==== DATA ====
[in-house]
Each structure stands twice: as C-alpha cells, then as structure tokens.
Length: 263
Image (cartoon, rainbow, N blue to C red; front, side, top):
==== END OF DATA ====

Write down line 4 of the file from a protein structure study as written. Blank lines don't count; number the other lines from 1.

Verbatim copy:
Image (cartoon, rainbow, N blue to C red; front, side, top):